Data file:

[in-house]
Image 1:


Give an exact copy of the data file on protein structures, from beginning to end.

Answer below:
[in-house]
Image 1: